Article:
I can only assume there is a backstory that involves a very large carrot or stick — why else would Miller sacrifice his legacy. 

  6. Dear Ben,
    It is not that people are cynics it’s just that they have puppy dogs and american idol to watch. Most of them may have a twinkling of concern for the social issues in the city but those twinkling are swamped in the diarrhea of the usual nonsense. I hate to sound like a conspiracy nut, but bread and circuses are what the people of Toronto are all about. Just look at the candidates for mayor this time… just awful, are these people the caliber of leader we can produce? – if so the future is looking dim. I laugh at all the FORD for mayor bumper stickers I see from the GO bus while commuting into the downtown.

    Don’t be a hypocrite and expect other people to solve society’s issues like most people in Toronto. If you find yourself spitting at “scum” protesters and asking for more street parking instead of a bicycle lane or streetcar track it may be too late for you and your city.

  7. This barrage of G20 aftermath reporting strikes me as simply an attempt by the media to create a crisis in order to sell more advertising. The police began mass arrests after a bunch of idiots sacked the city. I would have been upset if they hadn’t reacted with due force. As for those that were “in the wrong place at the wrong time”, why were you there on Sunday. I live downtown but I was keeping away from the protests after the violence started since being on the streets with the idiots had turned from a political statement to support for immature criminals. I have always been considered very left wing but I am ashamed of the support many left leaning people are giving to a group of criminals who just need to grow up!

  8. Yes, sbus, everyone knows that Spacing covers public space issues and municipal politics because that’s where the advertising dollars are.

  9. The one thing that has gone totally unmentioned is Julian Fantio’s role in all of this. He doesn’t like Miller and has shown contempt for Blair as well.

    As OPP commissioner he had a lot to say about police tactics; didn’t Sunday’s police force seem a lot like the Fantino days and the measured response of Saturday seem like a Blair-led day? Fantino wasn’t in Toronto until late Saturday, so you can only imagine the fireworks of central command after he and his gang of 5,000 cops arrived from Huntsville.

    While Blair deserves a heap of scorn for his handling of the “super powers” and the weapons press conference, he wasn’t the only one in control. He didn’t want it downtown and asked for it to be staged at the CNE grounds instead. OPP overruled that.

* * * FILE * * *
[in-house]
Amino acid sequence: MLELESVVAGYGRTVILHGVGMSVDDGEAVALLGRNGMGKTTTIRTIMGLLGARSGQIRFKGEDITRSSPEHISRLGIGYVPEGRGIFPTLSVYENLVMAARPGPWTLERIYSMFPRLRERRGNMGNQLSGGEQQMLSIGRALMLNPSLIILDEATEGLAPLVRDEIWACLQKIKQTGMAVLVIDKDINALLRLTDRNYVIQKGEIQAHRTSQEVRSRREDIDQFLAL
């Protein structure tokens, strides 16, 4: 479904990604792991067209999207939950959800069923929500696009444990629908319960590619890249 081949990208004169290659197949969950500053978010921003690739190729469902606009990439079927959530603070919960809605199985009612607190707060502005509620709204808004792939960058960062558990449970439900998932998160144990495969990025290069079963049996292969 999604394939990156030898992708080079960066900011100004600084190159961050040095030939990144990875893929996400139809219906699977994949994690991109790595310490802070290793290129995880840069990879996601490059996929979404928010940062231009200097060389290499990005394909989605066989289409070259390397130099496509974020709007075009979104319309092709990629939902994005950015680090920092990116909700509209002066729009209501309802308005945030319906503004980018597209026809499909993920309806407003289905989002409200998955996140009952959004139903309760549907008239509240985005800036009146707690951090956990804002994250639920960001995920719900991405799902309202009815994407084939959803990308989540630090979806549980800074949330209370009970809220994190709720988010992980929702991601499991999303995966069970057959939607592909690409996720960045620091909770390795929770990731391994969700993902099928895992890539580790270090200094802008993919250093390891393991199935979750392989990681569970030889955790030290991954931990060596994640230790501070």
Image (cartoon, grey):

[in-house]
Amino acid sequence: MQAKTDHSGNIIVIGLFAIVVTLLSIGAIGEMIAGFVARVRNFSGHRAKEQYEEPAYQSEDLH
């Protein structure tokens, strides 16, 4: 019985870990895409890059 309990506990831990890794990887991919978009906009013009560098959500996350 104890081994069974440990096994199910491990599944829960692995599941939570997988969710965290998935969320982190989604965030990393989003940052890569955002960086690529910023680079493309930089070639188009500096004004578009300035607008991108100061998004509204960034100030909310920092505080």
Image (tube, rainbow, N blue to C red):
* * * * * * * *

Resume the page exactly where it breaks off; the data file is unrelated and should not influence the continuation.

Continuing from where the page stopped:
Miller seems to backing Blair in a big way ’cause he has nothing to lose. Miller just sees that trying to save Blair’s hide is important to Toronto so we don’t end up with another Fantino-like police chief (my own pure speculation).

    I have no idea if an inquiry is the right thing to do but we do need some independent review to see how the policing was handled if only to make sure that the next time a big event comes to our city we do not end up with silly mass arrests while vandals are left free to destroy windows, wreak havoc, and steal all the headlines from worthy causes.

  10. SBus, do you think we should amend the Charter of Rights to say sections 2, 7, 8, 9, 10 may not apply if a crime, no matter how minor, has been committed in the last 24 hours or so within a kilometer or two.

    “warned protesters off of being in any area where the ‘black block’ were active, but otherwise encouraged peaceful demonstration, even when disruptive”

    That is pretty much what happened, although it is hard to tell because the media stopped covering the peaceful protest when the black bloc split off and started damaging property.

  11. i agree with the sentiments in this piece. miller has lost his last bastion of support (e.g. people like me) through his public reaction to these events, and he has become a true lame duck mayor. baffling!

    it saddens me to see people continue to tar all protesters with a brush that should be reserved for a few extremists, who were allowed to run wild because it was expedient for politicians and police. extremists exist on both sides of any political debate, but there is nothing to be gained by intimidating, beating, arresting, and abusing peaceful protesters, bystanders, and journalists in the city of toronto in 2010.

    at the post-G20 rallies people have expressed differing views, which i think is great. while most were chanting “whose streets? our streets!” on monday as we marched down university, some shouted “car streets!” instead. we should be allowed to disagree in public without being sprayed with teargas and rubber bullets, and i hope that regardless of your political stripe you can agree on that.

  12. So, like the other locations of mass arrests in N.America we get an inquiry or class action suit that finds guilt and applies a long list of recommendation (to be ignored) and meager punishment. Again at the next one…

    This sort of patrician contempt led to 1848. They ought to realise that if the curtain is drawn on the theatre of democracy people find other means…

  13. Jonathan> Your name goes have “Gold” in it ! : )

  14. David Miller has always believed in globalism. In 2006, he said, to public meeting, that he wanted to Make Toronto a world centre for mining finance. As Dan Perkins said of lefties with unreal expectations of Obama, people need to stop listening to the David Miller in their head, and start paying attention to the real person. The real David Miller has never challenged the aspirations of the Toronto elite for a world-class city and a world-leading financial sector. They may not have wanted the G20 here; I suspect few Toronto bankers got to attend. But the financial sector in this city, who supported Miller through two terms, has a deep commitment to the kind of international elite accommodation that the G20 represents. Anyone who entertained illusions of anything else either did not pay attention, or worse, just did not want to know where the money for things like Luminato and Nuit Blanche really comes from.

  15. I think Miller and Blair spoke too soon to commend police actions. How were they to know that the police were sexually/racially harassing and abusing prisoners and innocent passerbyers? It was a few days after their announcements that the testimonials of an arrested TTC worker, a beaten cyclist, and potential victims of police rape surfaced. I hope that Miller and Blair would retract their statements soon.